Canadian Journal of Communication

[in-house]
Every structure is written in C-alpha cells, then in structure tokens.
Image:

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The devaluation of the recorded music commodity under digitalization has destabilized the recording industry. One primary record industry response is the new “360 deal” form of the recording contract. By securing rights to individual acts’ live performance, music publishing and licensing, and merchandizing activities, this new deal expands record companies’ access to more profitable fields of music industry activity (if in piecemeal fashion). We examine the context, evolution, and varieties of the 360 deal, and argue that it re-secures record industry profitability and further stratifies the population of recording artists by shifting risk onto performers.
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